Over the past few years, The Woodlands has developed a strong dining scene. While it still has more than it's share of generic chain restaurants, there have been several notable independents calling the area home. Hubbell & Hudson, Eden Cafe, Capri, and Crust Pizza Co. are examples of the kinds of places that would be notable wherever they opened, and are causing foodies to make the trek out past 1960.
What the area has been lacking is the kind of tiny ethnic restaurants that one finds all over the Houston area. We were excited to see someone bucking this trend - a tiny taqueria / taco truck on Gosling called Casa del Sol.
We'd passed Casa del Sol several times driving down Gosling, and finally stopped in to check it out. We were immediately taken by the quaint, relaxed atmosphere. Seating is in a covered outdoor pavilion, very inviting on a comfortable spring day.
The kitchen is housed in a food truck parked semi-permanently beside the pavilion. The feel of the spot reminded me of one of the tiny cantinas in Mexico's costal towns... a welcome change from the slick atmosphere that even the independents build in The Woodlands.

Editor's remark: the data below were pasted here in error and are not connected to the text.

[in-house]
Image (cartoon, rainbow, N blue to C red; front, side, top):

Having never visited before, we wanted to sample a variety of tacos. A brief chat with the proprietor gave us our game plan: One each of al pastor, barbacoa, and beef fajita.
I first dug into my benchmark - the taco al pastor. Served on a freshly-made corn tortilla, quarter-sized chunks of roast pork were liberally sautéed in a deceptively spicy chile pepper sauce, and topped with the traditional fresh chopped onion and cilantro. Biting into this taco was a revelation - the tender chunks of pork were considerably larger than what we typically find in an al pastor taco, and the seasoning was kicked up a notch, starting with a savory, rich note and building to a slow burn. The cup of horchata provided a welcome relief from the heat; I said a silent thank you to the friend who first suggested this beverage with Mexican food many years ago.
|Tacos al Pastor at Casa del Sol|
Next up was the barbacoa. Prepared in the traditional manner using the cheek meat, it was incredibly tender without venturing anywhere near mushiness. After the tang of the al pastor, the barbacoa's subtle smokiness was almost lost, but a quick shot of the housemade red salsa got my tastebuds' full attention.
Finally the beef fajita was up. Knowing The Woodlands, this is probably the most oft-ordered taco, and it does not disappoint. Beautifully charred beef, still moist inside, was accented with a hearty squirt of lime juice and the chopped onion and cilantro. This taco will please the Tex-Mex aficionado, and will remind him just how boring the tacos are from the big national chains. Yo quero, indeed.
|Beef Fajita Taco at Casa del Sol|
We really enjoyed Casa del Sol, and recommend that anyone who loves Mexican food stop by. For what you'd spend at Taco Bell, you can enjoy something far more authentic, and most importantly, far more delicious.
Casa del Sol | 22507 Gosling | Mo-Sa 7a-6p, closed Su
(4 mi south of Woodlands Parkway, just past the train tracks)